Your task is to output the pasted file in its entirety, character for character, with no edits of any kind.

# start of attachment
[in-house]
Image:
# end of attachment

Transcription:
[in-house]
Image: